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Securing the DirectoryCatalog

Jan 1, 2010 at 11:04 AM

I wrote post that was describing 3 possible techniques for securing MEF from maliciouscode

the problem is that the main technique involve minor change to the Directory Catalog

(it is all described in the post).

this is a call to the MEF team to consider adding those minor changed into the release bits.

I think that security hole may prevent smoothly adaption of MEF.

I would like you hering your opinions on this subject.

Jan 1, 2010 at 11:20 AM
Edited Jan 1, 2010 at 11:34 AM

HI Bnaya.

We talked abou this many times, and deliberately did not add such a catalog mainly because we felt whatever path we chose would only satisfy a small handful of needs. Additionally every time we add an extensibility point, it dramatically increases our test cost, and poses security risks as we increase our attack surface. For this reason we never take extension points lightly.

DirectoryCatalog is really syntactc sugar. Creating your own secure catalog is actually quite easy, the reason is because we have an AssemblyCatalog, TypeCatalog and AggregateCatalog, all of which give you full capability to secure assmblies.

1. You can write a custom routine that scans through all assemblies in a folder and then only loads the assemblies that are signed with a specific key. Once you have those assemblies, you create an AssemblyCatalog for each one that you want to let in. Add those catalogs to an AggregateCatalog and then give that Aggregate to the container, voila, you've lockled down your assemblies. You don't even need a custom catalog do to this, you just need a helper method that you point to some directory and it returns for you an aggregate catalog, something like GetAggregateCatalog for example. It's probably about 10 to 15 lines of code max. Using a key is just one of many mechanisms you could use, you could decide to check if it is on an acceptable list, in an acceptable namespace, etc, etc.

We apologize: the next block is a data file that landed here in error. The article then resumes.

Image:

2. A variation of the first, instead of loading up all the assemblies, you actually inspect each assembly and you look at each type checking for an attribute that indicates it's required license. Then you create TypeCatalogs for each type that is permitted based on the apps license. All the type catalogs are then added to an aggregate.

These are just 2 ways out of many possible approaches to solving the problem. Each application has different needs, but they can easily implement the ones that suit their needs.


Jan 2, 2010 at 6:11 AM


Jan 7, 2010 at 7:03 AM

I took Glenn advice and build the secure directory catalog (which I will publish soon) upon the aggregate catalog
however I'm having a minor limitation comparing with the source code of the
directory catalog.
the directory catalog creating its underline assembly catalog using the folloing constructor:
internal AssemblyCatalog(Assembly assembly, ICompositionElement definitionOrigin)
which having an internal modifier, as result custom catalogs cannot claim for being the definition origin of nested catalogs.

My question to the MEF team is what does the definition origin is used beyond diagnostic purpose?
And do you think that custom catalog should use it somehow?